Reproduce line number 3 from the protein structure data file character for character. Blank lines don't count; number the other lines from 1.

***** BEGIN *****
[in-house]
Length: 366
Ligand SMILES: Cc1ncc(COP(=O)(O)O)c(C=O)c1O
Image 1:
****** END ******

Ligand SMILES: Cc1ncc(COP(=O)(O)O)c(C=O)c1O